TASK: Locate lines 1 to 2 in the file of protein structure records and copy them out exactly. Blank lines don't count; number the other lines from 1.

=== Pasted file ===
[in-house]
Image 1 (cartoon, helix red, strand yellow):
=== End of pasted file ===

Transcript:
[in-house]
Image 1 (cartoon, helix red, strand yellow):